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WIREs Comput Mol Sci
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Computational protein structure refinement: almost there, yet still so far to go

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Protein structures are essential in modern biology yet experimental methods are far from being able to catch up with the rapid increase in available genomic data. Computational protein structure prediction methods aim to fill the gap while the role of protein structure refinement is to take approximate initial template‐based models and bring them closer to the true native structure. Current methods for computational structure refinement rely on molecular dynamics simulations, related sampling methods, or iterative structure optimization protocols. The best methods are able to achieve moderate degrees of refinement but consistent refinement that can reach near‐experimental accuracy remains elusive. Key issues revolve around the accuracy of the energy function, the inability to reliably rank multiple models, and the use of restraints that keep sampling close to the native state but also limit the degree of possible refinement. A different aspect is the question of what exactly the target of high‐resolution refinement should be as experimental structures are affected by experimental conditions and different biological questions require varying levels of accuracy. While improvement of the global protein structure is a difficult problem, high‐resolution refinement methods that improve local structural quality such as favorable stereochemistry and the avoidance of atomic clashes are much more successful. WIREs Comput Mol Sci 2017, 7:e1307. doi: 10.1002/wcms.1307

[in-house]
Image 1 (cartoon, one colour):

This article is categorized under:

  • Structure and Mechanism > Computational Biochemistry and Biophysics
  • Molecular and Statistical Mechanics > Molecular Dynamics and Monte-Carlo Methods
  • Software > Molecular Modeling
Typical refinement protocols via MD‐based sampling (left) and iterative structure optimization (right). Gray colors indicate optional elements. KB, knowledge‐based; MD, molecular dynamics.
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Examples of successful protein structure refinement based on CASP12 targets (from CASP12 web site: http://www.predictioncenter.org/casp12/index.cgi). Experimental, initial, and refined structures are shown in red, green, and orange, respectively. RMSD values refer to Cα atom deviations. The GDT_HA score is explained in the text. RMSD, root‐mean‐square deviation.
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Software > Molecular Modeling
Molecular and Statistical Mechanics > Molecular Dynamics and Monte-Carlo Methods
Structure and Mechanism > Computational Biochemistry and Biophysics

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